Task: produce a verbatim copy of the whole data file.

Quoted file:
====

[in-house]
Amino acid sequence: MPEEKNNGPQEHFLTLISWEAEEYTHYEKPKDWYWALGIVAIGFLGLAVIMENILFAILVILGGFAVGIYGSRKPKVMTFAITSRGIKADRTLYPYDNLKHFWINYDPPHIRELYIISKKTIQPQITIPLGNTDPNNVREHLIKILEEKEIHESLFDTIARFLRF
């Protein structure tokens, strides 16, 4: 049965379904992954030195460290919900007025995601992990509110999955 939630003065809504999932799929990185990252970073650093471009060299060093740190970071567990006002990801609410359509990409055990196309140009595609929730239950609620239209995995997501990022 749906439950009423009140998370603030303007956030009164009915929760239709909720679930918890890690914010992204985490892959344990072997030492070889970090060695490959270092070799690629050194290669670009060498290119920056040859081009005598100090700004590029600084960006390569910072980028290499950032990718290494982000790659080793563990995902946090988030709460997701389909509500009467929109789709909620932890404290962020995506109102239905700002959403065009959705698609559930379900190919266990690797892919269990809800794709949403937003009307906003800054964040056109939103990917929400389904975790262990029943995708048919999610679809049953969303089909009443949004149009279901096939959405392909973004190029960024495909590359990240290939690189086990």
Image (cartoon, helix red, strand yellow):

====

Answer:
[in-house]
Amino acid sequence: MPEEKNNGPQEHFLTLISWEAEEYTHYEKPKDWYWALGIVAIGFLGLAVIMENILFAILVILGGFAVGIYGSRKPKVMTFAITSRGIKADRTLYPYDNLKHFWINYDPPHIRELYIISKKTIQPQITIPLGNTDPNNVREHLIKILEEKEIHESLFDTIARFLRF
């Protein structure tokens, strides 16, 4: 049965379904992954030195460290919900007025995601992990509110999955 939630003065809504999932799929990185990252970073650093471009060299060093740190970071567990006002990801609410359509990409055990196309140009595609929730239950609620239209995995997501990022 749906439950009423009140998370603030303007956030009164009915929760239709909720679930918890890690914010992204985490892959344990072997030492070889970090060695490959270092070799690629050194290669670009060498290119920056040859081009005598100090700004590029600084960006390569910072980028290499950032990718290494982000790659080793563990995902946090988030709460997701389909509500009467929109789709909620932890404290962020995506109102239905700002959403065009959705698609559930379900190919266990690797892919269990809800794709949403937003009307906003800054964040056109939103990917929400389904975790262990029943995708048919999610679809049953969303089909009443949004149009279901096939959405392909973004190029960024495909590359990240290939690189086990």
Image (cartoon, helix red, strand yellow):